13.2 Respect for Local Law

Many SOFAs contain a provision that instructs soldiers from sending States in how to respect host State law.1 For example, Article II of the NATOSOFA reads:

It is the duty of a force and its civilian component and the members thereof as well as their dependents to respect the law of the receiving State.2

This provision begs the question: What does respect for local law really mean?3 In the literature experts sometimes refer to the psychological aim of the provision that reflects the mutual respect between NATO States.4 Such an interpretation seems to suggest that the provision is a mere duty of courtesy to take host State law into account. Other authors are of the opinion that host State law only applies to the extent in which it has been incorporated in the law of the sending States,5 which reduces the scope of the duty to respect local laws.

In my opinion, the requirement to respect host State law is related to legislative jurisdiction and the applicability of law. In Chap. 6 it was established that on the basis of the territorial principle States have the power to apply their laws within the borders of their territory. Other jurisdiction principles allow them to extend application of their laws to a certain extent beyond their borders as well. However, extraterritorial application of legislative jurisdiction does not affect other States’ laws. Host State law continues to apply and SOFA provisions dealing with respect for local laws are, strictly speaking, superfluous: visiting forces have to observe it.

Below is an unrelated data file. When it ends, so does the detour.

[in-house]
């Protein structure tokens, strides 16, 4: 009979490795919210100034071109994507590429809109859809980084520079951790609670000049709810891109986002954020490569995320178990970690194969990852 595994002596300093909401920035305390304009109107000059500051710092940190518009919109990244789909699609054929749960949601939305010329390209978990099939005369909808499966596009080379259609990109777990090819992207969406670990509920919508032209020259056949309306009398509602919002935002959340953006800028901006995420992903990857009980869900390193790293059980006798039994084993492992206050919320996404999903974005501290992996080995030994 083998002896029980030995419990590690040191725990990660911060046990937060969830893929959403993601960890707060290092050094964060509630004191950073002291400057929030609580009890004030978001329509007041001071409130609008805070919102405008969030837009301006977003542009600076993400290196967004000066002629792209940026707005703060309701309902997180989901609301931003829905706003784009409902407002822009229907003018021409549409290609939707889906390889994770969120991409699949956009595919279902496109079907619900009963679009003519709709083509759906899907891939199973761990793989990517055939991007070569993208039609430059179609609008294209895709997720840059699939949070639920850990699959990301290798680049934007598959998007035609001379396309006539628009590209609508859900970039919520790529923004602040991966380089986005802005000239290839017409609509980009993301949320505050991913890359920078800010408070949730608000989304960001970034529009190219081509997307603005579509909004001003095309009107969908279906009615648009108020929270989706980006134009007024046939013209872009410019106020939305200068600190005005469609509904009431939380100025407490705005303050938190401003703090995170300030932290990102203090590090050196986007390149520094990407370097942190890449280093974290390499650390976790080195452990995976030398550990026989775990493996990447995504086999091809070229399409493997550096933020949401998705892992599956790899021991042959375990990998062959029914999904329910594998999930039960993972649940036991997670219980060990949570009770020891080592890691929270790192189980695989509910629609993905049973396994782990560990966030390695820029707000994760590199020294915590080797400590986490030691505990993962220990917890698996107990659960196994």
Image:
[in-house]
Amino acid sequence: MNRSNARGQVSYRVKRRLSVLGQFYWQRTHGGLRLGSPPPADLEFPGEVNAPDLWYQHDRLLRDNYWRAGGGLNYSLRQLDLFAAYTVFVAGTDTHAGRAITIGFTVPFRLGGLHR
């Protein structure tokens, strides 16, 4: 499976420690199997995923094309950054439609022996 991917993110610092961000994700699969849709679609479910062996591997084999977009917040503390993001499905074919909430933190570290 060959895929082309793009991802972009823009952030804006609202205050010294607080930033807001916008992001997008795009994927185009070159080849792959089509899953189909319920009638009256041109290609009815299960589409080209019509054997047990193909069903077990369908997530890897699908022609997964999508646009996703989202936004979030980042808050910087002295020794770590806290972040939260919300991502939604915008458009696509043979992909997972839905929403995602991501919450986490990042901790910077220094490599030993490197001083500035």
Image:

However, parties to a SOFA may agree upon restrictions on the exercise and applicability of host State law by granting immunities and privileges.6 Granting immunities does not imply that host States waive their legislative powers. Their laws continue to apply to the foreign visiting forces that enjoy immunity.7 Therefore, officials who enjoy immunity are not exempt from the duties imposed by local law.8 Immunity concerns adjudicative and enforcement jurisdiction resulting in host States refraining from enforcing their laws and starting legal proceedings against officials enjoying immunity. Therefore, immunity is not substantive law, but a formal, procedural rule.9

If this were different and host State law would not apply to officials enjoying immunity, this could cause problems. If, for instance, a sending State waived immunity of a serviceman who committed murder in the host State, host State law would only become applicable when the sending State waives the immunity, meaning that at the moment the serviceman committed murder that crime would not have been punishable according to local host State law.10

Applicability of host State law to foreign officials or to staff members of international organisations is not always desirable and necessary. Therefore, host States may grant officials privileges with regard to specific regulations,11 mostly in the field of customs, fiscal law, and social security law. Unlike immunities, privileges are not procedural but substantive in nature and exempt officials from certain host State obligations or rules. As these rules do not apply to officials adjudication and enforcement of these rules is not an issue.12